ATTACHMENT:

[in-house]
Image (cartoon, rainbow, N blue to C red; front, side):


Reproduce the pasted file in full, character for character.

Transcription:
[in-house]
Image (cartoon, rainbow, N blue to C red; front, side):